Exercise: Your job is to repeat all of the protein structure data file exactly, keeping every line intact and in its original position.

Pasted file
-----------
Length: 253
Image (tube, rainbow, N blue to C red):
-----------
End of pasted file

Length: 253
Image (tube, rainbow, N blue to C red):